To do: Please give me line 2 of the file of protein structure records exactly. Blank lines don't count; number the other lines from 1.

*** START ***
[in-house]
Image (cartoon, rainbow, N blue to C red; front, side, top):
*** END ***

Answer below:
Image (cartoon, rainbow, N blue to C red; front, side, top):